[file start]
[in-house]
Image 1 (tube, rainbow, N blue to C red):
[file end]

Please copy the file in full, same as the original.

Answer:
[in-house]
Image 1 (tube, rainbow, N blue to C red):